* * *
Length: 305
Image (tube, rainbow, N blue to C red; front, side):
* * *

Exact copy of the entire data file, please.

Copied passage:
Length: 305
Image (tube, rainbow, N blue to C red; front, side):